Paul Nelson writes a weekly fishing column for the Bemidji Pioneer. He runs the Bemidji Area Lakes Guide Service.
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It’s hard to imagine the cold weather this past week as a good thing in most people’s minds. After the tragically high number of lives lost on the frozen lakes already this year, an extended period of below zero temperatures was exactly what the ice on the lakes needed most.
Another angler lost their life after falling through the ice on Grace Lake near Bemidji recently and a second angler near Cohasset also died after their ATV broke through the ice. The inconsistent ice conditions this year have proven to be very dangerous for anglers. Now more anglers are beginning to drive their vehicles on the lakes, so colder temperatures forecast for this week come at a time when the lakes really need to add more ice to make the ice conditions more consistent and safer for anglers.
The 2017 ice fishing season continues, with the ice thickness varying greatly between lakes. A few lakes still have about 5 inches of ice, while many other lakes have 10-12 inches of ice and Upper Red Lake has between 12 and 15 inches of ice. The shoreline ice on most lakes is thicker than the mid lake ice, so anglers have to expect the ice conditions to vary from spot to spot on the same lake and watch out for areas with current or springs.
The extended forecast for the Bemidji area looks more like it should for this time of the year, with highs in the teens and overnight lows in the single digits through this weekend. An inevitable early snow storm hit the Bemidji area right before the cold weather arrived, which will slow down how fast the lakes can add ice in the colder temperatures.
The first weekend of the rifle deer season is behind us, with a good opening weekend for many hunters in the Bemidji area. Snow on the ground makes it easier for hunters to see the deer signs, so hunters know where the deer have been moving at night. The full moon this past weekend gave the deer plenty of light to see at night, with the deer actively in the rut over the weekend.
The rifle deer season begins on Saturday morning, Nov. 4. This should be a good year for local hunters to have success and put some venison in the freezer for the winter. Hunters in section 184, which includes most of the Bemidji area, are allowed to harvest either sex deer this season because of a forecast surplus of deer in the region.
Winter is coming. The fall cool down just got more serious late this week, with hard frosts forecast nightly in the extended forecast. Any lake that hadn’t gone through turnover yet was going through turnover this week. Turnover is when the colder water on the surface of the lakes becomes heavier and more dense than the warmer water on the bottom of the lake, so water on the surface starts to sink.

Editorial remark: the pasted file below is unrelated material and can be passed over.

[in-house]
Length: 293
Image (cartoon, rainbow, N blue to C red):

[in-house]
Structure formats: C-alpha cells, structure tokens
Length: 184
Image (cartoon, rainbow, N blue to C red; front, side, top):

The October full moon was Thursday night, but anglers are able to have good success fishing walleyes at night several days before and after the full moon, so the opportunity should extend at least through this weekend. Night fishing is not for everyone, but with the zebra mussels expanding to more lakes, the trend of fishing for walleyes at night is just going to get more prevalent in the future. Trolling or casting floating minnow baits that dive just below the surface is the presentation most walleye anglers use at night.
September is here, with one last big weekend of summer before the unofficial beginning of fall in the Bemidji area. A warm weekend would have meant a busy weekend on the lakes, but cooler temperatures will likely mean more people will stay off the lakes and concentrate on getting their cabins ready for winter.
When you have as many distinctly different types of lakes as the Bemidji Area, anglers have an almost an unlimited playing field if they want to learn how to fish different bodies of water for different species of fish. Most of the lakes with zebra mussels are the larger lakes with the most fishing pressure, mostly from walleye anglers. Any smaller lakes infested with zebra mussels are usually on a chain of lakes downstream from one of the larger, infested walleye lakes.